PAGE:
Paww SoundBox 10 Bluetooth speaker review

We use affiliate links. If you buy something through the links on this page, we may earn a commission at no cost to you. Learn more.


Although I’ve had my issues with portable Bluetooth speakers, I’ve grown to appreciate the convenience of having one around. It’s gotten to the point that I almost always have one playing either in the kitchen, bathroom or outdoors cooking. They’ve become indispensable to my daily life. And even though their audio quality can’t measure up to headphones or “real” speakers, one cannot escape the fact that almost every Bluetooth speaker from the last two years sounds way better than those old portable mono AM/FM radios of years ago. Plus, one of the coolest things is the chance for new players to enter this current golden era of Bluetooth by releasing new speakers with unique features. One of these companies is Paww and their new SoundBox 10 Bluetooth speaker.


Paww only has two products to date—the SoundBox 10 and WaveSound 2 headphone (to be reviewed soon). The SoundBox 10 has a few features that set it apart from competitors. The speaker box is carved out of a single block of aluminum which results in a rounded and seamless enclosure that’s light, easy to grasp and screams well-made. Although the speaker is not cheap, It still feels like it costs more than it does.Paww_Soundbar10_11


Almost the entire front panel of the SoundBox 10 is made up of a speaker grill which houses two appx. 1 in. speakers. There is no press info on the speakers, so I measured as best as I could with a ruler and the flash from my iPhone. Bass is a horizontal passive radiator which ports through a slim slot that wraps the rear of the speaker. This gives a fairly decent bass response for such a small enclosure. However, bass is still dwarfed by other, larger Bluetooth speakers.


What I found really impressive—and fun to use—is the top of the SoundBox speaker. The entire surface holds all controls in a flat, touch-sensitive surface that only requires a light tap to work. The icon controls include Bluetooth pairing, Volume Up/Down, Play/Pause, Skip Forward/Reverse and NFC auto-pairing for Android users.




Besides the slim bass port/slot, the rear of the SoundBox 10 speaker houses the On/Off switch, charging and AUX-in ports. Paww includes both a USB charging and mini plug cables. The bottom has a non-skid rubberized finish that keeps the light-weight speaker in place quite well.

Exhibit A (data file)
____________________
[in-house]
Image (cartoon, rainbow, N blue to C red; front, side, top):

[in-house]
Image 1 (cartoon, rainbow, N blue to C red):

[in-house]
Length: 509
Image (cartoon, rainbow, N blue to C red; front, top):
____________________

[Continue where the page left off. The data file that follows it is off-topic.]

Bluetooth worked fine once paired, but had its issues. I had to shut off Bluetooth on my iPhone before my iMac would even see the SoundBox 10 to pair, but once done, pairing was quick and easy. However, tapping the Bluetooth button doesn’t re-pair the speaker to my iPhone—that requires pressing and holding for a few seconds. This isn’t as intuitive as the other icons which only require tapping. Audio prompts tell when the speaker is on, off or paired. These prompts are loud and their volume is not adjustable. In my tests, the Bluetooth range was less than the normal 30 ft. The Soundbox 10’s audio gave out at about 20 ft. As long as the speaker remains within this limited range, audio will work fine.


Bluetooth music sounds good, not great. Music leans towards the middle and higher frequencies. With the SpeakerBox 10 on my desk, I can feel the bass vibrations more than actually hear them. As I said before, the audio still sounds better than any old transistor portable radio—it’s just that our expectations are higher now than they used to be.

The SoundBox 10 speaker incorporates what Paww calls a “patented signal processing technology to ensure sound clarity across the frequency range.” This is not hyperbole—news and talk radio/podcasts sound great. But then, talking doesn’t depend on bass like music does.


If your musical tastes run more in the classic rock, country or jazz vein, then this little speaker will do nicely. Earlier recordings weren’t bass monsters because of the technical limitations of vinyl production, so they work well with these kinds of speakers. More modern recordings just don’t sound all that good unless the bass is jacked up.

Although Paww states that the Soundbox 10 speaker can provide music for a party, I would say that it’s better suited to private listening or a small gathering at best. Despite that, the Soundbox 10 is good if you only need a private speaker that can enable phone conferencing and your musical tastes are in the classic rock variety. However, the Soundbox 10 is terrific if you listen mostly to sports, talk or news stations or podcasts. The vocal clarity is far better than many speakers costing more.


Paww is off to a good start with the Soundbox 10 Bluetooth speaker. While bass may be weak, this pretty aluminum block can easily become a best friend with it’s usefulness and stellar vocal clarity.

Source: The sample for this review was provided by Paww. Please visit their site for more information and Amazon to order.


Product Information

  • Solid build
  • Excellent vocal clarity
  • Good personal speaker
  • Love the touch panel
  • Weak bass for modern music
  • Short Bluetooth range

Leave a Comment

Your email address will not be published. Required fields are marked *